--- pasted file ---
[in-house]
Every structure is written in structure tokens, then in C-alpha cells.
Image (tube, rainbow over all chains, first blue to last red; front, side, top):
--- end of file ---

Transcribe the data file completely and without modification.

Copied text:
[in-house]
Every structure is written in structure tokens, then in C-alpha cells.
Image (tube, rainbow over all chains, first blue to last red; front, side, top):